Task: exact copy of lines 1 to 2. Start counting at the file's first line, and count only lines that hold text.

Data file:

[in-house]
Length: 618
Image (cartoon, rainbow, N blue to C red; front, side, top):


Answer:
[in-house]
Length: 618